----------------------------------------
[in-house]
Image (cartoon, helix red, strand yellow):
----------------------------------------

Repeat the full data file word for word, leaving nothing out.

[in-house]
Image (cartoon, helix red, strand yellow):